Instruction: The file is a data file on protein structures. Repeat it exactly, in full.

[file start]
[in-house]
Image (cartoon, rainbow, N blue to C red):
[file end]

[in-house]
Image (cartoon, rainbow, N blue to C red):